Christmas is a holy day corrupted by materialism. Or is it a holy day enhanced by materialism?
Perhaps that depends on what meaning you attach to material things.
When I was a child growing up in Mexico, my dad was often out of a job and money. But on the occasions when he had income, he didn’t hesitate to spend it all — on my sisters and me, on his friends and nights out on the town, on things that made him happy.
In a sense, after the famine came the feast, and we knew it wouldn’t last long.
When he had an unexpected windfall, the peak of luxury for us was to make the three-hour drive on a day trip to McAllen or Laredo, the border towns in Texas, to shop.
Going to the buffet at Luby’s or the mall on the other side of the border was mesmerizing for us, American abundance writ large before our eyes. We could buy American items at Walmart that were hard to get in Mexico, like Velveeta cheese, Pillsbury biscuit tubs, and — my favorite — Bop and Teen Beat magazines. My dad would give us each $100, a fortune for a kid’s shopping spree. I remember being obsessed with buying fancy notebooks for school. I would spend hours in the office supply aisle in Walmart carefully selecting the best colored pens. Over time I have realized that for my dad, it was the best he could do as compensation, an act of love to give us cash on those occasions precisely because normally money was so scarce.
The fascination with American shopping didn’t diminish after I moved to Boston 21 years ago. As soon as I came here, I remember immediately becoming obsessed — along with many other Mexican and Colombian immigrants I met back then — with CVS. We couldn’t believe one store could have 20 types of shampoos. Did I need three different deodorants to keep on rotation? Absolutely. You name it, I bought it. And the fascination has hardly diminished: The cornucopia of products in Target, T.J. Maxx, Home Goods, and places like them still gives me a buzz.
So as millions scramble and sweat for last-minute Christmas presents, some feeling hopelessly coerced and anxious, and the calls grow for rejecting the ritual of gift-giving during the holidays as an outdated practice, I’m at the top of my game, spirits high on the hunt. My husband calls me the gift ninja. I’m a devoted gift-giver. And maybe I’m part elf.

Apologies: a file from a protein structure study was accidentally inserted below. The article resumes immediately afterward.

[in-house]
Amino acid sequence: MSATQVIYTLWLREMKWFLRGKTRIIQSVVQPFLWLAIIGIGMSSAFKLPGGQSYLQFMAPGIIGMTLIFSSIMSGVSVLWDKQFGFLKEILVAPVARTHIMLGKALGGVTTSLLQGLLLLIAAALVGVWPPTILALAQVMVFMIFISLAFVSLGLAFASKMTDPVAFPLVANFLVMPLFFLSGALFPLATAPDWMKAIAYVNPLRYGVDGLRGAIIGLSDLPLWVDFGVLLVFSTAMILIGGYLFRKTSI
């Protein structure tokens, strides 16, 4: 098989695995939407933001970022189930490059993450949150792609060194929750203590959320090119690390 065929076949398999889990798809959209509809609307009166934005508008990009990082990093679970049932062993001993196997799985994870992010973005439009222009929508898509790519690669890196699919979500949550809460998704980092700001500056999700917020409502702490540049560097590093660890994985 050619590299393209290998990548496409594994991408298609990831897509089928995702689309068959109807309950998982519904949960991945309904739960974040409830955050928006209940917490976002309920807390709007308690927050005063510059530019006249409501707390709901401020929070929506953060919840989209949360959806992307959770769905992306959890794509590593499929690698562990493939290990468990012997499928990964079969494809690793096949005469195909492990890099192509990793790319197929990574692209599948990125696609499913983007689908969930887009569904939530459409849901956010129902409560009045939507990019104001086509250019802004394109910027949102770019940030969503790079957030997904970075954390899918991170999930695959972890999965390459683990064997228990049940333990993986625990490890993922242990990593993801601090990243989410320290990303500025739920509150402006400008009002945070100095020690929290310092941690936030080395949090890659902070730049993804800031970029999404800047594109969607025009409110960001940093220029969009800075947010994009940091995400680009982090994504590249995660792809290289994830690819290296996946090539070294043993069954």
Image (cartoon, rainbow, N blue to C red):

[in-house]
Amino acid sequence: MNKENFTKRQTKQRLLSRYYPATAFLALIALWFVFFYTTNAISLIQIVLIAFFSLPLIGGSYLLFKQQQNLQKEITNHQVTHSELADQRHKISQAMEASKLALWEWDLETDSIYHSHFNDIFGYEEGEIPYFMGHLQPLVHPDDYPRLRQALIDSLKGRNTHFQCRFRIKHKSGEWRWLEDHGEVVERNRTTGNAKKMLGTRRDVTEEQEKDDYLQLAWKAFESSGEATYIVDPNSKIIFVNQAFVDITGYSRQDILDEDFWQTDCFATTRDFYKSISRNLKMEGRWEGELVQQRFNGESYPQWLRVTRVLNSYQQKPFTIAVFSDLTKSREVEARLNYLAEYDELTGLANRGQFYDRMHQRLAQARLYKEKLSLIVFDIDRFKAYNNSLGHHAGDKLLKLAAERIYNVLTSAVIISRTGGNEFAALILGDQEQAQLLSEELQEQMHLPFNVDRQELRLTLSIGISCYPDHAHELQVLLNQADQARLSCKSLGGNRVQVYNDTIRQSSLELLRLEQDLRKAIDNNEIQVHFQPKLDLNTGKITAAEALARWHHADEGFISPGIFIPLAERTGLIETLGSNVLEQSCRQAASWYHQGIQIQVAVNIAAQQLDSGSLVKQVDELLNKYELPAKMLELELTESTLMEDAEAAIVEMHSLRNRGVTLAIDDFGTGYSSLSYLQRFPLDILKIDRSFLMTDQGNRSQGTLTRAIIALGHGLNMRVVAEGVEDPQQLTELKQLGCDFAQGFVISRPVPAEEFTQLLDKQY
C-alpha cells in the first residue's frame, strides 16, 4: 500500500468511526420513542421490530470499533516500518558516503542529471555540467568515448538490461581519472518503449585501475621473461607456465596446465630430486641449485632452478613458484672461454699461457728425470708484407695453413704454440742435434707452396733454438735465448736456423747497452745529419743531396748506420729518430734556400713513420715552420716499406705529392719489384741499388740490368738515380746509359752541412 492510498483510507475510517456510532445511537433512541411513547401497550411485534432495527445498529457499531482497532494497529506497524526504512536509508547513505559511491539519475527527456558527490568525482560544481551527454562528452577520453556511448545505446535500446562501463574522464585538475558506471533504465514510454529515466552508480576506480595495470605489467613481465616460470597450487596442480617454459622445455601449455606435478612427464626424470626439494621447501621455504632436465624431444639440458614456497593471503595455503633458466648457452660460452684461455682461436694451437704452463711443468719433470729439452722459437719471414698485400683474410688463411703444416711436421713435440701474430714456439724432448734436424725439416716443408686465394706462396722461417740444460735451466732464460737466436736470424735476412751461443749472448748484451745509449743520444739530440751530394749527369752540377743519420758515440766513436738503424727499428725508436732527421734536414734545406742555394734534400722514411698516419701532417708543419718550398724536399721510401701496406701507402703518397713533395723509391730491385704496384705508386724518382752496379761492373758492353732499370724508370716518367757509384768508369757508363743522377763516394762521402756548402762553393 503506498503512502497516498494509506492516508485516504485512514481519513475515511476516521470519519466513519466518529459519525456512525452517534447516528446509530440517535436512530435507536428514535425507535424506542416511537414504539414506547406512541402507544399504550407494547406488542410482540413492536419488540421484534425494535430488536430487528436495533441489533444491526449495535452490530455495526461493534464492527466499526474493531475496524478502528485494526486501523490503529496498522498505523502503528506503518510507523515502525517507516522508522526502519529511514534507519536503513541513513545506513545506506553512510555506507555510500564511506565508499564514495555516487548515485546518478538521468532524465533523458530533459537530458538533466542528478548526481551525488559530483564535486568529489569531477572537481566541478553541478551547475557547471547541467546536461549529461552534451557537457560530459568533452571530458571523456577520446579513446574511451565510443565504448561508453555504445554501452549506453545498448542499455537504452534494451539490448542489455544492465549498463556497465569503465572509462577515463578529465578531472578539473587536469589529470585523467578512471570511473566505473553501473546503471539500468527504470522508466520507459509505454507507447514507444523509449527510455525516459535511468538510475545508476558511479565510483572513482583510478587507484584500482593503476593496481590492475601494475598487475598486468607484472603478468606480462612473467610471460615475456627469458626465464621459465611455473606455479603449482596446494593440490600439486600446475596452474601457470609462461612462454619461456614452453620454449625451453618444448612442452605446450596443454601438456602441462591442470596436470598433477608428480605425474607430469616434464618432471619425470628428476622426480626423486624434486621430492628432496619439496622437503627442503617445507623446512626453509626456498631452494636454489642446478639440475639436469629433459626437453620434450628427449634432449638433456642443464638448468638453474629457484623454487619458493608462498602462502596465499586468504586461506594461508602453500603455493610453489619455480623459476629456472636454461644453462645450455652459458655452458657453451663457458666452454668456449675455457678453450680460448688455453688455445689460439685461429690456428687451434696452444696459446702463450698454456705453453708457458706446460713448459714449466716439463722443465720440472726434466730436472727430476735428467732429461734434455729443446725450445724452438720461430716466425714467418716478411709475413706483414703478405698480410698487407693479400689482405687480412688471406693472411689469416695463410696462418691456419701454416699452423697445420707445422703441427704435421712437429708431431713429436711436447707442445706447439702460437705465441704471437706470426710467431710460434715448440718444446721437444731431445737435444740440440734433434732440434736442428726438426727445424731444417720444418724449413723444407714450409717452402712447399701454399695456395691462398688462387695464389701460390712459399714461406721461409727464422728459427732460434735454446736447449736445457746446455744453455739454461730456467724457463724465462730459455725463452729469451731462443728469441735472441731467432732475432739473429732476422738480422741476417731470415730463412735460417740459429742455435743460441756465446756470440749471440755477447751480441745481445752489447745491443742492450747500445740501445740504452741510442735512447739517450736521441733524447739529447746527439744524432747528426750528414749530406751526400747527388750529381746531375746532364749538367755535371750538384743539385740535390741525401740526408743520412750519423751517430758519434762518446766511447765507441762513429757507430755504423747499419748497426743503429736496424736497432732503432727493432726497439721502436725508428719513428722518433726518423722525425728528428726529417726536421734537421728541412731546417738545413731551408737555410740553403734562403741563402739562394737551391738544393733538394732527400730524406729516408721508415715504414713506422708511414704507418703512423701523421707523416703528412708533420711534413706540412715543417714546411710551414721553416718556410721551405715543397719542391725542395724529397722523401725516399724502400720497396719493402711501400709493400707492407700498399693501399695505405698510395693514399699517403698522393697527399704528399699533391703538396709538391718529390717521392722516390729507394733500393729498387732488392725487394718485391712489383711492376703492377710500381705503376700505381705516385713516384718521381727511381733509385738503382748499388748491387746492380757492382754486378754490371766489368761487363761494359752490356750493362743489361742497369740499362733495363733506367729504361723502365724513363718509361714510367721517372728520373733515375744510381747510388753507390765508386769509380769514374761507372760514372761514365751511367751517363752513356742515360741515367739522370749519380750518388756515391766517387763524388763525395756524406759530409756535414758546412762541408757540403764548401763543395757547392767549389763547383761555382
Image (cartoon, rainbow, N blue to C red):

I see deep symbolism behind the shopping and the giving. And to me, those who denounce Christmas gift-giving are missing its whole point: Figuring out what a person would appreciate as a gift is a way of creating a unique connection with the recipient, making space for gratitude and joy. It’s why I consider gift-giving a love language. “Here, I bought this for you.” (I love you.)
It’s not that the Grinches don’t make some good points. There are strong economic and environmental arguments against Christmas consumerism and material goods. Maybe the giving has gotten out of hand. And there’s no question some of those resources could be better directed to those in need. I think I could go along with a Christmas present quota (along with a ban on fruit cake).
When I was 11, my mom gave me the greatest Christmas present ever: a pink bike with a white basket. It suddenly gave me wide mobility and standing with my neighborhood friends. I trekked all around the block and beyond, including to the tortillería to buy freshly made tortillas and to my grandmother’s some 20 blocks away, where I would visit every Saturday.
It was a bold gift for a little girl in a busy city. My mom showed she understood me. Trusted me. And she knew I wanted to go places.